Priefts gave them. And if they did as they
were taught, they muft have own'd themferves
guilty of neglecting their duty.

N. If they had own'd this to Pilate ; nay if
they had not given him fufficient proof of their
having honeftly difcharged their Truft, they
muft have fuffer'd the rigour of military Difci-
pline, which inflicts death upon Guards that are
unfaithful. To pleafe the Chief-Priefts, whofe
rage, and malice Pilate feems to have dreaded,
he might connive at the fouldiers taking money
of them to amufe the populace, by telling the
inconfiftent ftory of the Difciples ftealing away
the body of Jejus, while the Guards flept. But
he would not have fuffered the fouldiers to do
this, if he had not, upon the ftricteft inquiry,
been as well allured as the Chief-priefts were,

of



336 A Conference upon

SECT. VI. of the Earthquake, the, appearance of the An-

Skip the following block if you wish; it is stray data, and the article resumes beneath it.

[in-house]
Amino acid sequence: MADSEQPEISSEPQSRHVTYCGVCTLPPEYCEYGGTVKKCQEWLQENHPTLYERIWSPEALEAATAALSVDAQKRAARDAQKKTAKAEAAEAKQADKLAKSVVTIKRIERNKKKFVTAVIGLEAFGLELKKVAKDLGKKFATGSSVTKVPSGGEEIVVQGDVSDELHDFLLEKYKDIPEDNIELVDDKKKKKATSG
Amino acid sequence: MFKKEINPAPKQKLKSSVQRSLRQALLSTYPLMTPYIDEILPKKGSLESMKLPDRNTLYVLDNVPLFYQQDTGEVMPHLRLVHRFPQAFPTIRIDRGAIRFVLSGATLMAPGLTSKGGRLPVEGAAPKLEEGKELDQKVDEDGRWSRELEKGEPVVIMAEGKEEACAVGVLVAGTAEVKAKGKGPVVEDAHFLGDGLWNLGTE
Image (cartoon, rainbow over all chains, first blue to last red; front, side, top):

_ and other miraculous circumftances of the
refurrection ; and been fully fatisfy'd that the
guards had faithfully difcharged their duty.

M. They might have really flept, and havci
own'd it, notwithftanding the feverity of the
martial Law : becaufe they might perhaps de-
pend upon the Intereft and Influence that the

Difc.vi. Chief-Priefts had with Pilate. For, Matthew

P- " fays they promifed the Souldiers to fecure them,
by procuring them the Governor's pardon and
favour, in cafe he mould hear of their owning
that they fell afleep, while they were upon
duty.

TV. Such a grofs offence as a Souldier's fleep-
ing while he is pofled upon duty is unpardon-
able at all times. The guards cou'd not hope
for any favour in fuch a cafe. The Martial
Law was moft feverely executed among the
Romans; efpecially when Souldiers neglected
their duty in a tributary Country j where the
people were ready, (and were always expected)
to revolt: which was the cafe of the Jews, after

Aaxii. they were conquer'd by the Romans. When

6 "~~"" 11 ' Peter who was miraculoufly delivered out of a
Prifon guarded by Souldiers, who watcht be-
fore the prifon-door ; Hero d examin'd the Guards :
and tho they had neither flept, nor any-way